(9) The vision regeneration assisting apparatus according to the (1) is further characterized by projecting means for projecting a predetermined pattern onto the object.

(10) The vision regeneration assisting apparatus according to the (1) is characterized in that the irradiating means applies a pulse light, and the control means controls at least one of a frequency and an amplitude of a pulse based on the image information.

BRIEF DESCRIPTION OF THE DRAWINGS

FIG. 1 is a view showing the schematic structure of a microphotodiode to be used in an embodiment of the invention,

FIG. 2 is a view showing procedure for manufacturing the microphotodiode,

FIG. 3 is a view showing the schematic structure of the appearance of an irradiating device,

FIG. 4 is a view showing the schematic structure of an optical system and a control system in the irradiating device,

FIG. 5 is a view showing an example of image processing,

FIG. 6 is a view showing the schematic structure of the optical system and the control system in the irradiating device for detecting the distance of an object,

FIG. 7 is a view showing another embodiment of the irradiating device, and

FIG. 8 is a view showing a further embodiment of the irradiating device.

In the drawings, 1 denotes an irradiating device body, 10 denotes a photographing unit, 13 denotes a CCD camera, 14 denotes an LED, 16 denotes a mirror, 16 a denotes a motor, 17 denotes a mirror, 17 a denotes a motor, 20 denotes a video processing unit, 30 denotes a response unit, and 100 denotes a microphotodiode.

BEST MODE FOR CARRYING OUT THE INVENTION

An embodiment of the invention will be described with reference to the drawings. A vision regeneration assisting apparatus to be used in the embodiment comprises a microphotodiode to be embedded in the retina of a patient and an irradiating device for applying a luminous flux (light beam) having a directivity to the microphotodiode.

FIG. 1 is a view showing the schematic structure of the microphotodiode to be a kind of photosensor to be embedded in a retina.

100 denotes a microphotodiode. As shown in the drawing, the microphotodiode 100 comprises an n-type electrode 102 provided on an n-type diffusion layer 104 and a p-type electrode 103 provided on a p-type substrate 101.

The microphotodiode 100 can be obtained by the following procedure. FIG. 2 shows procedure for manufacturing the microphotodiode 100.

A resist 105 is mounted on the p-type substrate 101 and an n-type impurity is implanted/diffused so that the n-type diffusion layer 104 is formed on the p-type substrate 101 (STEP 1 and STEP 2). Next, Al deposition for depositing a film 106 formed of aluminum is carried out over the p-type substrate 101 provided with the n-type diffusion layer 104 (STEP 3). Then, a resist 105 is provided on the film 106 in order to form an electrode pattern and etching is carried out to finish the microphotodiode 100 having the n-type electrode 102 and the p-type electrode 103 (STEP 4 and STEP 5).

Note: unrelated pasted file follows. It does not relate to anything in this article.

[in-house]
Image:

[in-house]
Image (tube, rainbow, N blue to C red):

Since the microphotodiode 100 is used while being embedded under a retina, it is preferable that one side should be approximately 1 μm to 100 μm. Although the microphotodiode 100 to be utilized in the embodiment uses the p-type substrate 101, it is not restricted. For example, an n-type substrate may be used to form an n-type electrode and a p-type electrode. While the aluminum is used as a conductive material in the embodiment, moreover, it is not restricted but a material having an excellent biocompatibility may be used. For example, platinum, gold, tungsten and titanium may be used.

Next, the structure of the irradiating device of the vision regeneration assisting apparatus will be described.

FIG. 3 is a view showing the schematic structure of the appearance of the irradiating device for applying a predetermined luminous flux on the microphotodiode 100 embedded under the retina of an eye E of a patient.

1 denotes an irradiating device body. The body 1 comprises a photographing unit 10, an image processing unit 20 and a response unit 30. The photographing unit 10 and the response unit 30 are connected to the image processing unit 20 through cables 2 and 3, respectively.

The photographing unit 10 takes the shape of goggles to be attached on the front of the eyes of the patient and can be fixed and held at the front of the eyes of the patient by using a belt 11. 12 denotes a photographing window for photographing an external world seen from the front of the eyes of the patient by using a CCD camera 13 provided in an inner part (which will be described below). The camera 13 is attached inside the photographing unit 10 in such a manner that a photographing axis of the camera 13 is coaxial with a visual axis set when the patient sees a thing in a horizontal direction.